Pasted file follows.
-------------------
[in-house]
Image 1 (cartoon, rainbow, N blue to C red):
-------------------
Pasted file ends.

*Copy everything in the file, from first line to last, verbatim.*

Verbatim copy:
[in-house]
Image 1 (cartoon, rainbow, N blue to C red):